Good topic Larc, I gave this some thought and I guess one of the most obvious things might be that denial is the opposite of acceptance, and the other 3 steps is essentially the process. I suppose this doesn't necessarily have to be about death or the prospect of death, but in a way we are dying from moment to moment, not to mention that questioning our former belief system would negate the teaching of everlasting life for many. In any case, I suppose we can say it is a matter of dealing with some kind of loss..
As for the 3 processing steps in the middle - anger, negotiation and depression - I don't believe it is necessarily a sequence. I should note that I am also a person who doesn't keep track of the past in a linear fashion, I remember things but don't remember when it happend, and if you asked me about the order of events regarding my past I would probably only be accurate to 1-2 years. Nevertheless, I still think that for others it may also happen in parallel. For example, one may be experiencing depression throughout the stage of anger or negotiation, or both. I know this is true for myself, because for a long time I was processing this stuff but not on a conscious level, and the depression was always there.
Now as for the question of how to come to acceptance, I think it can in fact be easier than we think. Certainly, there can be no promises as far as time frame is concerned, but perhaps it is a matter of how we understand time.. (I should probably read Stephen's other thread first, but I can always reply to that one too ;) ) I believe the practice of meditation can really help. I recently did a 4 week Vipassana (insight) meditation retreat, and I have to say that I literally feel like a new person. The practice centers around the present moment, your experience right now - the thoughts that are in your mind, the body sensations you feel, etc. I'm no expert, but I think basically when you are not thinking of the past or the future, it allows you to concentrate on the matter at hand, and that does not necessarily have to be some external task to be performed. We live in the present moment, the person that experienced the trauma in the past is a different person, even if only to a small degree. The person we want to heal is also in the present, and it seems to me that often when we focus our mind on the present rather than the past, that itself takes a big load off our shoulders.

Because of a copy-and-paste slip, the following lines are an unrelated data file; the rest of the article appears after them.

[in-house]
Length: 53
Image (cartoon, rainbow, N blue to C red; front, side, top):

Of course, there's still the matter of processing all this stuff that we've been taught for so many years. I don't think the details of this process has to happen on a conscious level. There are times in my own life when I'm not even formally meditating, but perhaps just sitting quietly in a contemplative state, and insights just pops up in my head, out of the blue. Of course, everyone is different, and if you have issues on a conscious level you'd likely want to resolve it consciously too. I myself just had that heavy feeling in my heart through the years before I came to accept the fact that I am no longer a JW.
I couldn't comment on how one might consciously process the specific issues associated with leaving the organization as there are many and is no doubt different with everyone. I do have one observation that I think may be helpful though, and that is how we reframe our memories. I recall from my psych classes that memory isn't exactly a reliable thing, that often times it may not be very accurate depending on how we recall things. But I think the important thing is the fact that we CAN reframe it. We can choose to associate other emotions with the same memory. One way that I look at my JW history is seeing it as a learning experience. I find comfort in knowing that I'm wiser now and will not fall into the same trap again. While we may miss our friends and family who are still in the organization, I think another way to look at that is to recognize the value of those ties, but on an individual level we must realize how confused they are, too. Perhaps the lesson there is to appreciate the social and familial relationships we do have, but accept them for who they are and what they stand for.
It seems to me acceptance is really important in everyday life. We may live with someone who is absent minded, perhaps they leave their belongings around the house. Instead of just asking or expecting them to change, it would probably be wise to recognize that atleast for right now, that is just the way they are. Now that's a small thing that a lot people would no doubt put up with. But other things like the teachings and practices of the WTS are much bigger, and it is certainly unreasonable to think that they will change just because you ask them to, when you can't even get your kid to pick up their clothes. We must accept things as they are, because that is the truth of the matter. The other side of it is to recognize the truth about ourselves. If we're honest in both regards our course of action should be perfectly clear.